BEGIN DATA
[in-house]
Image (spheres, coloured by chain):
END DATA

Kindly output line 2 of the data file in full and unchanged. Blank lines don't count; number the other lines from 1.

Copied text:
Image (spheres, coloured by chain):